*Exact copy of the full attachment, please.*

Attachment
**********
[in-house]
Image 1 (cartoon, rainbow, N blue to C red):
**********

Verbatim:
[in-house]
Image 1 (cartoon, rainbow, N blue to C red):